Maybe because it was a chance to escape the grayness of Seattle for the sun of Eastern Washington and run in a wide open environment. Maybe for the physical and mental challenge, the camaraderie of other runners, the great volunteers with junk-food laden tables every 5 miles or so, and the sweeping views.
|James told us to watch out for rattle snakes and scorpions.|
So I decided to drink a lot of water and go have fun. I tried to run hard, like I have for my last two runs, but the early climbing rapidly took the wind out of my soles. Over 2,000 feet in the first two miles! Ouch. But the views kept getting bigger as we climbed out of the canyon and so did my eyes.
The day really melted away. Some people shudder at the thought of being able to see their run mapped out for miles and miles on the horizon. I feared that greatly when I ran across the great plains last spring. But I've found that there is something hypnotic about watching a small dot on a horizon slowly get larger and larger.
All that said, it felt great to cross the finish line. My legs were shot and I was bone tired from the miles, the climbing and the wind sweeping across the highlands. I ran the entire race without knowing what time it was; part of my on-again, off-again strategy, also known as 'ignorance is bliss.' I finished in something like 6:45, considerably longer than the fictional clock I had in my head and my last two 50ks. It is amazing how long miles and your mind can distort time. A big thanks to the volunteers, Rainshadow Running, and to Nichole for the company and driving my tired (but happy) ass back to Seattle.
And so the last two weeks have played out with a slow return of energy and gradual diminishing of aches and pains. Along the way I followed some vicarious adventures:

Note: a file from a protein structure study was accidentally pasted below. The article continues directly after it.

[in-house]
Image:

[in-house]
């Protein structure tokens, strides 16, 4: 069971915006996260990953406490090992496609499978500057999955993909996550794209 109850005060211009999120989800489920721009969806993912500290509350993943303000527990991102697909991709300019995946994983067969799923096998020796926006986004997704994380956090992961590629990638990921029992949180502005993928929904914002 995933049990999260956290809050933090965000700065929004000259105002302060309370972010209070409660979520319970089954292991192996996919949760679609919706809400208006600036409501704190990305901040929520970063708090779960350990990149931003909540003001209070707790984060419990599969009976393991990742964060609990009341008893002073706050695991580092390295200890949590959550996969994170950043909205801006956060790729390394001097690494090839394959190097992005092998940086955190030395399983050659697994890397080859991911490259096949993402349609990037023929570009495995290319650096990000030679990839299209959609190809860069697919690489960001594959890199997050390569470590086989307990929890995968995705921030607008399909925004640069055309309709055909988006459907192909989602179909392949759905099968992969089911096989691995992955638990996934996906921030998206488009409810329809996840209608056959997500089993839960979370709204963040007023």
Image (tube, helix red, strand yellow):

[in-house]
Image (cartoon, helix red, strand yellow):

Congrats to my friend John Fiddler for finishing 51 days/730 miles of solo paddling down the Sea of Cortez. He's joined back up with Kathleen and they are off for a couple years of adventure travel and volunteering, not to mention a wedding in Thailand.
In my last post I mentioned Ueli Steck and Simon Mor who were (notice the past tense) attempting a new route on Everest, no doubt extremely fast and with minimal protection. Many of you probably have heard of the recent violence on the south side of Everest with clashes between some western climbers and some Sherpa. I'm sad that happened in the first place and more sad that it directly involved Ueli and Simon. It sounds like a lot of arrogance and poor manners all around. I think Alan Arnette has done a good job of trying to explore the issue without taking sides. Kathleen and John's friend Chad Kellog wrote a very good dispatch about the event. It looks like some of the first summits might be tonight for us on the west coast. .
As for me, my next big run is Sun Mountain 50k in a couple weeks. It should be a beautiful run in the Methow Valley with good friends. And in a little over a month I will leave for Kilimanjaro. I have not been able to put in the miles that I need to realistically run around the base of the mountain. But I remain hopeful. Expect a blog post in the near future about a trip I am co- leading with my friend Dorjee Sherpa to Everest Base Camp this fall. We are still looking for team members!
Be safe in life, no matter how big or small your adventures are. Above all, enjoy them.
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